The Aurora is the Flow Cytometry Core Facility's newest flow cytometer. This analyzer detects the entire spectral fingerprint of each fluorophore, allowing for more flexibility, sensitivity, and accessibility in panel design. More info...
The proper design of sort buffer for both your pre-sort sample and your collected sample is crucial for a successful sort. The following will be a basic recipe and some suggestions for modifications that might be relevant to your particular experiment. Culture media is not an ideal sort buffer for two reasons: the pH regulation fails under normal atmosphere causing the media to become basic and the calcium chloride in most culture medias is not compatible with the phosphate component of the instrument sheath buffer (the Basic Sorting Buffer without additional protein) leading to precipitation of calcium phosphate crytsals. Following the suggested recipes below will help maximize the recovery and viability of your sorted cells.
For Clean Lymphoid Cells: The buffer can be simplified to HBSS with 1% FBS. The additional cations in the recipe promote better viability. Since these cells are not prone to clump, the lack of EDTA is not a problem.
For Sticky Cells: Raise the concentration of the EDTA to 5mM and use FBS that has been dialyzed against Ca/Mg++ free PBS. Some activated cells become clumpy and the chelators (EDTA) help reduce cation-dependent cell to cell adhesion.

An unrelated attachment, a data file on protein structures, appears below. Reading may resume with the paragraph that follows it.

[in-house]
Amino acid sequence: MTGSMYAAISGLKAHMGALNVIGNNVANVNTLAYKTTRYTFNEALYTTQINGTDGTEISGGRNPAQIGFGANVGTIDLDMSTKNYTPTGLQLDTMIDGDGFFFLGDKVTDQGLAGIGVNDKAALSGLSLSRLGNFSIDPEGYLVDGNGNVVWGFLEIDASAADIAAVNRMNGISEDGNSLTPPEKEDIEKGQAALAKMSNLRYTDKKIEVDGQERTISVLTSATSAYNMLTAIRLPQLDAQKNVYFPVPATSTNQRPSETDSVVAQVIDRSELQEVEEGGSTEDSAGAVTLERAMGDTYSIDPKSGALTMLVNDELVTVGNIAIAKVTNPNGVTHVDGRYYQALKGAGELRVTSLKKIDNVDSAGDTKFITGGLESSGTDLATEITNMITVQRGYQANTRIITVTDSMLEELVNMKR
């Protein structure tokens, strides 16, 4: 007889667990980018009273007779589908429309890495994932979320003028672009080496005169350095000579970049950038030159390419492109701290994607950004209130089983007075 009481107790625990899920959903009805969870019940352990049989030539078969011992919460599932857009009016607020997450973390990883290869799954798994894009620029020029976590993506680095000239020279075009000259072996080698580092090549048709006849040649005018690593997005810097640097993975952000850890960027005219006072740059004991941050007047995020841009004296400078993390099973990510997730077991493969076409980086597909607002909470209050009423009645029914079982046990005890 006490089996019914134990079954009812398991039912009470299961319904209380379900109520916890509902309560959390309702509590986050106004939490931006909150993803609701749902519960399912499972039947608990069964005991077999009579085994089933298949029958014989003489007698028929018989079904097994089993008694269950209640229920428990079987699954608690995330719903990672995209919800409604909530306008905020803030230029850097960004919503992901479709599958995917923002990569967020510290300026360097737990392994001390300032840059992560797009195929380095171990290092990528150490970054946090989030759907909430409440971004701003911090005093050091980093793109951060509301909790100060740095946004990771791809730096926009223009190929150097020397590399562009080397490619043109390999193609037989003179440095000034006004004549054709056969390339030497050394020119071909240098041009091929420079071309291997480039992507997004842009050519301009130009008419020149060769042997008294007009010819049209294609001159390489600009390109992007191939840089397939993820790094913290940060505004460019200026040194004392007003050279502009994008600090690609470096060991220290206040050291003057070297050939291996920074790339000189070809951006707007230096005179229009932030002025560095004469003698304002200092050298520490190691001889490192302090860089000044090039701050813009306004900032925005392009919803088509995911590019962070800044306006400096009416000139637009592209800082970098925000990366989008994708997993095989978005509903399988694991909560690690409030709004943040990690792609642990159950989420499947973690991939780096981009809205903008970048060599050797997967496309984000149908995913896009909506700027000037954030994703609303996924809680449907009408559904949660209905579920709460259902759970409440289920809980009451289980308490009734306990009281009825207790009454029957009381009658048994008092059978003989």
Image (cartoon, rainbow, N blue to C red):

For Adherent Cells: In order achieve good single cell preparations, one must start at the moment of detaching your cells from the plate. Typically, the trypsin (or other detachment buffer) is quenched with culture media or a PBS/FBS buffer. This is problematic because it reintroduces the cations that facilitate the cells reattaching to the plate (or each other). One must use a cation-free FBS buffer in order to stop the detachment. Additionally, the level of EDTA can be increased if necessary (but too much EDTA can be deleterious).
For Samples with High Percentage of Dead Cells: If there are a large number of dead cells in the prep, it is likely that there is soluble DNA from the dead cells that will come out of solution. This DNA will start to coat the cells and and lead to severe clumping. The addition of 10U/mL DNAase II to the buffer recipe will help reduce DNA associated clumpiness.
These suggestions should help to optimize sample preparation for both enhanced viability and enhanced recovery. It may require some more comprehensive modifications eveolving from these simplistic guidelines.